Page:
Elastic, the company behind Elasticsearch and the Elastic Stack, announced the general availability of version 6.7 of the Elastic Stack. This release delivers two new solutions: Maps, for advanced, layered visualization of geospatial data on a map in Kibana, and Uptime, a new way to monitor system and service uptime with Elasticsearch and Kibana.
Elasticsearch 6.7 also introduces the production-ready versions of many features, including cross-cluster replication, index lifecycle management, Elasticsearch SQL (including ODBC and JDBC clients), Canvas, and Functionbeat. Elastic Stack version 6.7 is available on Elasticsearch Service on Elastic Cloud, or users can download it for self-managed workloads.
Elastic Maps brings new layers to geospatial analytics in Kibana
Geo is an important part of search, whether you’re looking at logs to see where network traffic originates, answering questions like “How many taxis were available in the Chicago Financial District in the past 5 minutes?” or even correlating the magnitude and geographic reach of an earthquake with the scope of a network outage.
The Elastic Maps solution allows users to view and explore this location data in a more intuitive way. With features like multiple layers and plotting individual data points and shapes, with many options for customization, this solution improves on Elastic’s existing geospatial visualizations.
Elastic Maps is launching in beta with the 6.7 release, and is included in Kibana by default, which means it’s available today in Elastic Cloud.
Expanded observability with the new Uptime solution
The 6.7 release also introduces a new solution, Uptime, to proactively monitor systems, services, and APIs for expanded observability. The Uptime solution automatically detects when application services are down or are responding slowly, even before those services are called by the application, and provides proactive notifications.
Based on Heartbeat, a lightweight data shipper for uptime monitoring, Uptime can be deployed both inside and outside an organization’s network. It can be used to understand service uptime and response time characteristics from multiple network vantage points and to verify that services are available and returning the correct response codes.
By combining the Uptime solution with logs, metrics, and APM data, users will be able to bridge data silos and speed up troubleshooting and root cause analysis across their observability initiatives.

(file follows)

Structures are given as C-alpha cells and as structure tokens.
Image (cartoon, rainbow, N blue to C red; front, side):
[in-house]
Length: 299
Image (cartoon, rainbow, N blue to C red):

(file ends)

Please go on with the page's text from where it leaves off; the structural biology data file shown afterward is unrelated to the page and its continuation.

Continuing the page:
Several key Elastic Stack features, including SQL and Canvas, graduate to GA status in 6.7
With version 6.7, several popular Elastic Stack features are graduating to general availability (GA) status, marking them production-ready.
Cross-cluster replication (CCR) gives users a self-contained mechanism to easily and reliably replicate indices from one cluster to another. Use cases for this popular feature include high availability/disaster recovery, geo proximity/data locality (replicating from a central cluster to local clusters so that the data is closer to the end user), and centralized search and analysis (replicating data to a central cluster for reporting and analysis against a single data source).
Index lifecycle management (ILM) gives users a streamlined method to manage how Elasticsearch indices are stored and managed over time. Proper data management is critical to running a healthy, performant, and cost-efficient cluster, and this new feature greatly simplifies automating and operationalizing this important task.
The lifecycle of an index is broken into four phases — hot, warm, cold, and delete — and users can define policies to control how long an index lives in each phase, as well as optimize for performance and/or cost-efficiency as the data ages.
Elasticsearch SQL enables customers to use the familiar SQL syntax to query data in Elasticsearch. The introduction of this feature opens up the full-text powers, scale, and speed of Elasticsearch to a much wider audience that may already be well-versed in the SQL syntax and are just beginning their Elasticsearch journey.
Also going GA are the JDBC and ODBC clients for Elasticsearch, which will let users connect to an Elasticsearch data backend from third-party tools that support these drivers.
Canvas allows users to create dynamic infographic-style presentation with their live Elasticsearch data. It elevates the visual storytelling in Kibana to new heights, opening up your data analysis and insights to broader audiences. Canvas includes full support for Elasticsearch SQL, and just like JDBC and ODBC clients, it lets Elasticsearch users expand the reach and impact of their data to broader business audiences.
Functionbeat is a new kind of Beat that deploys as a function in serverless computing frameworks, and streams cloud infrastructure logs and metrics into Elasticsearch. Functionbeat currently supports the AWS Lambda framework, and can stream data from CloudWatch Logs, SQS, Kinesis, and API gateways.
The Elastic Logs solution provides users with real-time log tailing in a compact, customizable display. It’s similar to tailing a file, but with the ability to see the logs from all your infrastructure in a single streaming view. And with an embedded search bar powered by Elasticsearch, users can easily narrow the streaming view to just the logs they are looking for.
The Elastic Infrastructure solution gives users a bird’s eye view of the health of all the components — servers, Kubernetes pods, Docker containers — in their infrastructure, making it easier to diagnose problems using log and metrics data. Building on the autodetect capabilities of Metricbeat, the tailored user interface allows you to interactively view and drill into the logs, metrics, and APM traces with a single click.